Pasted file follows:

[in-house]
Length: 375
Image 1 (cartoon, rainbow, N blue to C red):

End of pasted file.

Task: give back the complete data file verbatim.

[in-house]
Length: 375
Image 1 (cartoon, rainbow, N blue to C red):